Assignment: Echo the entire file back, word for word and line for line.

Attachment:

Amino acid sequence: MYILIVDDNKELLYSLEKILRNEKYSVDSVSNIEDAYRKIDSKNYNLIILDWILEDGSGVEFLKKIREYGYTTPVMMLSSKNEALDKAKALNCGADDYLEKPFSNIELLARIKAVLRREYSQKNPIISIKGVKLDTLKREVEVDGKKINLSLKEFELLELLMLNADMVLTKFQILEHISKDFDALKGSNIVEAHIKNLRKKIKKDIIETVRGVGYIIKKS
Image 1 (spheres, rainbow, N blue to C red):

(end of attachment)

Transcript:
Amino acid sequence: MYILIVDDNKELLYSLEKILRNEKYSVDSVSNIEDAYRKIDSKNYNLIILDWILEDGSGVEFLKKIREYGYTTPVMMLSSKNEALDKAKALNCGADDYLEKPFSNIELLARIKAVLRREYSQKNPIISIKGVKLDTLKREVEVDGKKINLSLKEFELLELLMLNADMVLTKFQILEHISKDFDALKGSNIVEAHIKNLRKKIKKDIIETVRGVGYIIKKS
Image 1 (spheres, rainbow, N blue to C red):